Back to the Roots


(as originally published on LinkedIn)

What’s your background?

Where did you grow up?

What did you like doing as a child?

What did you finally choose as a profession?

… and what are you doing today?


Most people (including myself) tend to live in the future: the holiday or trip that’s coming up. That promotion. The house we’re saving or the job we’re looking for. Any dreams which have a firm place in our minds and hearts, but, are not fulfilled yet. Achieving them in the past was — at least somewhat — predictable. The factors were a fact.

However, in times like these, where we deal with a lot of uncertainty, and where facts become factors, it can be powerful to not live in the future, and instead, reconnect with our roots.

In my case, I remembered that making music really got me through some difficult times — puberty, emotional upheavals, and the likes. So I went back to what I originally studied — classical piano — and started to practise again. It was painful. Realizing and remembering lost skills is not something to be taken lightly. Still, reconnecting with ones’ inner abilities and passion is one of the best rewards to get through a stressful time.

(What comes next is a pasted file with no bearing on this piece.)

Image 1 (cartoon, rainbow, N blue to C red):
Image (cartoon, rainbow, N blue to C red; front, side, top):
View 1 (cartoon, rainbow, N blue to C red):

My creativity helped me to see things differently and get a new perspective: for the first time, I not only played the piano but actually composed an entire piece as well. You can listen to it here:

It even inspired some friends who (as their creative hobby) had taken up video making and movie production classes and used the music in their creative outlet here:


What’s your activity or passion that helped you to get through a stressful time?

A project started perhaps, but never completed?

An old, rekindled hobby?

A deepened skill?

“Modern times” — the title I’ve chosen for this article — to me means an accelerated pace of everything: the way we see the future, how technology automates and innovates itself, our ability to become aware of new opportunities that simply weren’t there just an hour ago.

I invite you to share your experiences and perspectives and to grow together into the unknown, the uncertain, but with strong roots and a presence deeply embedded in our human values which we’re living today.

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